SIDS risk increases when infant sleeps with parents: study

May 22, 2013

Also known as SIDS, it is the leading cause of death in U.S. babies from age twenty-eight days through their first birthday.

There has been a lot of success with the campaign to get parents to put babies to sleep on their back.

Now there's another possible way to reduce the risk.

A report in the medical journal BMJ finds a connection between SIDS and babies sleeping in the same bed as their parents.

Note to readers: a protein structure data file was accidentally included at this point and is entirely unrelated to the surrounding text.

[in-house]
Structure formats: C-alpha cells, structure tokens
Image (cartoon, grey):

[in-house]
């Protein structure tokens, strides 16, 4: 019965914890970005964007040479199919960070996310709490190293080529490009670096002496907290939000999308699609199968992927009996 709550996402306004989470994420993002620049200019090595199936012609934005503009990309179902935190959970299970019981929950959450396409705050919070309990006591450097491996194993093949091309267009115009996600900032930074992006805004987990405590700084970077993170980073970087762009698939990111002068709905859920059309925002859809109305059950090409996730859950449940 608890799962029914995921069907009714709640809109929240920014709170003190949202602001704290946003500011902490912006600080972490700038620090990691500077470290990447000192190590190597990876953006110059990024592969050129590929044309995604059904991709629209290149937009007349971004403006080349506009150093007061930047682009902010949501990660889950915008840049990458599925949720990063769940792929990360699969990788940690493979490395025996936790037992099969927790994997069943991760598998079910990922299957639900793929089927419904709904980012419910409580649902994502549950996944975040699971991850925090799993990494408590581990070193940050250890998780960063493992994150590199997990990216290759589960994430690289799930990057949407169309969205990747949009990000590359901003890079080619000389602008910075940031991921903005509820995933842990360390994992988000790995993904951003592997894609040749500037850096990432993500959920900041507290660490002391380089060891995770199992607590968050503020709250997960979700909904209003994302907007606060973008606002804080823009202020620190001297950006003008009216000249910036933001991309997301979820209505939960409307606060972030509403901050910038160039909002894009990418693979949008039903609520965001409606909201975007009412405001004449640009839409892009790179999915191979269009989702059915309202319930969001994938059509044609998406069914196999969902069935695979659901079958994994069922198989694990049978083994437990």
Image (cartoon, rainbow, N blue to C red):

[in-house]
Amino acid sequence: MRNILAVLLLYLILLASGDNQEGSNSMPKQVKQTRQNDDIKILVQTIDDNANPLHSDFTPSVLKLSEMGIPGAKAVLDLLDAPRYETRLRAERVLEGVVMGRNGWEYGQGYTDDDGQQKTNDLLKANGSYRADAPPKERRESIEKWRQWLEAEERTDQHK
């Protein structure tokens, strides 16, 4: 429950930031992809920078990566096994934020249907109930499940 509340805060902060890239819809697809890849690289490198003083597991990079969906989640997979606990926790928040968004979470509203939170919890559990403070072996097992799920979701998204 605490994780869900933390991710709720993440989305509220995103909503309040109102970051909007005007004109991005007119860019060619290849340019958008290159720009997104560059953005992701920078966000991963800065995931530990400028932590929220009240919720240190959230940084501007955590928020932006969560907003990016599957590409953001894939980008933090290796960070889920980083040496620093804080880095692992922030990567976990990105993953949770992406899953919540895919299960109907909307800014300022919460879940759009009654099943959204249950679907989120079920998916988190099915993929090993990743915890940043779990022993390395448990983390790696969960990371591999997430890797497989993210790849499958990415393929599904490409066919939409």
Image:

Sharing a bed with a baby three months or younger increased the risk of SIDS fivefold.

And that risk climbed much higher if one or both parents smoked -- or if the mother used alcohol or illicit drugs.

The authors say it's okay for parents to take infants into their beds for feeding and comforting.

But the child should then be placed face up in his or her own bed before the parents fall asleep.

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